"The song of longing," she said. Her voice was as an eddy of twilight air above white clover.
She played again. It was so wild a music that the blood clanged against his heart like a storm of swords against a shield.
"What is that song?" he asked.
"The song of desire," she said. Her voice was as the gathering of wind in woods.
She played again. He heard the waves of the sea lapping the snows on the summits of great hills, and all the white sap and green wonder of the earth moving into flame, and betwixt sun and moon the myriad tempest of the snow of stars.
"What is that song?" he asked.
"The song of love," she said. Her voice was as the still breath of a flower.
"My name is Emar," she whispered, "and I will come again. You are my desire and my one love."
But he did not see her again till he was once more in Caer Charill, and Keevan was in his own shape and in Emhain Abhlach again.
One day, when he was throwing javelins at an oaken disc, he saw a woman. She was more beautiful than any woman he had seen. She was fair as Emar, but her beauty was the beauty of a woman and not of those behind the dew and the moonshine.
"Who and whence are you, O fair one?" he asked.
"I am Emar," she said. Then she wooed him, and he made her his queen.
At the marriage feast a stranger rose.
He put down his drinking-shell, and when he spoke his voice made a sound like a distant horn against the shields on the wall.
"I claim a boon," he said.
"It is my geas not to refuse a boon to a stranger," said Cairill.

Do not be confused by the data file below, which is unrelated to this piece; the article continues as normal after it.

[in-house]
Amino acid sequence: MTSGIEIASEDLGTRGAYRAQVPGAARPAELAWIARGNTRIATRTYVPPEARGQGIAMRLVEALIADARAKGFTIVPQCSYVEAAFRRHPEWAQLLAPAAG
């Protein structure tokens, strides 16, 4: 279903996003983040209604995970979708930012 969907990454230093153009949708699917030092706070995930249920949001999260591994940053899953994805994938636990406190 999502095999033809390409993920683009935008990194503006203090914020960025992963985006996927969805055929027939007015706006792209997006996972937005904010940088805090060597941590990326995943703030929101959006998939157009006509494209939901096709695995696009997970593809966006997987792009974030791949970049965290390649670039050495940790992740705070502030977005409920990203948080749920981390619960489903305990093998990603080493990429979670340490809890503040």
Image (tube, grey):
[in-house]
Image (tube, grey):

"I am Balva of Emhain Abhlach. Emar put love upon me long ago. I claim her as my boon."
Cairill rose.
"Take my life," he said.
But Emar went to his side. "Not so," she said. Then she turned to Balva.
"This day year you may come again." With that he smiled, and gave that respite, and went away.
But in that year Cairill and Emar knew the depth and wonder of love. "I must go, but I will come again," she said, when the day drew near. Then she told Cairill what to do.
On the dusk of the day when Balva came again and took Emar with him, Cairill put dew on his eyelids, and made a twisted wand out of withes of hazel and rowan, and at the rising of the moon went forth, disguised as a blind beggar playing on a reed-flute.
When he came upon Balva and Emar, Balva spoke.
"That is a sweet-singing flute, Blind One. If you will give it to me, I will give you your heart's desire. That is my geas, if I ask for a flute, a falcon, a hound, or a woman."
Cairill laughed. He put his blindness from him. "Give me Emar," he said.
For a year thereafter Cairill and Emar knew deep joy.
On the night when labor came upon her, a wind struck the place where she lay, and the child was whirled away like a blown leaf. Cairill was wrought with anger and grief, but Emar said no word. She dreamed against the dawn.